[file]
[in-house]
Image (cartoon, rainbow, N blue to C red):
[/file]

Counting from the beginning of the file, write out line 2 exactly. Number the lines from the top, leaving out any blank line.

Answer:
Image (cartoon, rainbow, N blue to C red):